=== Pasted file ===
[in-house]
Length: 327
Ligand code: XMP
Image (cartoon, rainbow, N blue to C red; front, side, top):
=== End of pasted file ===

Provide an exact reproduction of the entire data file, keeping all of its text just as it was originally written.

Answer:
[in-house]
Length: 327
Ligand code: XMP
Image (cartoon, rainbow, N blue to C red; front, side, top):